A Bishop’s Garden (Part Two)

Yesterday I showed you the grounds of the newly recreated bastion garden “Hortus Eystettensis (Garden at Eichstätt).

This is Basilius Besler, the famous German botanist who fulfilled Prince-Bishop Johann Konrad von Gemmingen’s dream of a botanical garden devoted to flowering plants in the early 17th century.

(Isn’t that a great name for a botanist? I bet his friends called him Basil…)

Bishop Konrad, an enthusiastic botanist who dearly loved the Hortus Eystettensis, sadly did not live to see its completion. However, he had requested a record of all the plants growing there, which meant that Besler was responsible for commissioning a collection of copper plate engravings of the plants, also called the Hortus Eystettensis.

The engravings were printed in 1613, and the resulting book (again called Hortus Eystettensis) contained over 1,000 plants, partly in colour, often near life-size.  (The pages are 54 x 45cm and the book weighs 14kg!) Flowers such as tulips and sunflowers – common garden flowers for us today – were at that time precious rarities. Yet the exotic was placed on pages next to the commonplace; German flowers, herbs, fruits and vegetables were shown in all their glory alongside lilies, aloe, the fig or the aubergine. It must have been a fabulous collector’s item of its age!

It was a wise decision to document the garden with these engravings, since the garden was destroyed by Swedish troops in 1634. These engravings were used as the basis for planning the new site in 1998.

I recently found a paperback containing 73 of the plates from the original work, and their detail and accuracy is fabulous. Besler’s Book of Flowers and Plants is a much more affordable version of the Hortus Eystettensis! I am fascinated by botanical drawings and this book does not disappoint.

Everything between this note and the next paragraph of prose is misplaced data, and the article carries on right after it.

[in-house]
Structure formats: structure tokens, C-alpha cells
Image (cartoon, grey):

For a glance through the original herbarium, take a look at this short video here… such beautiful pictures!

The view from the garden across the town of Eichstätt is also wonderful. It has the only Catholic university in Germany and is still the seat of the Catholic bishop.

I’ll post Part Three in a couple of days; a few more pictures of the plants and flowers I saw there…

Thanks for stopping by, and have a good week!

21 thoughts on “A Bishop’s Garden (Part Two)

    • I found the whole thing fascinating! Would love to see one of those original herbariums… Perhaps they’ll put the Eichstätt copy on show one day.

    • The copper plate detail is incredible, when you think of the materials they had back then… and the time it must have taken to produce them!

  1. Very interesting! You reminded me, that I saw a book about the garden a few years ago. Now I´m disappointed that I didn´t buy it.

  2. The video was fascinating! Hard to imagine the labor and costs that went into making those beautiful engravings! Glad they did it though!

  3. What a view, of the city from that last garden! I wasn’t expecting that. That is where I would be spending all my time. It doesn’t get much better than a hilltop garden with a view.

  4. Pingback: A Bishop’s Garden (Part Three) | Words and Herbs

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